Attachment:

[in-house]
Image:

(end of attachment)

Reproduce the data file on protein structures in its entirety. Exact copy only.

[in-house]
Image: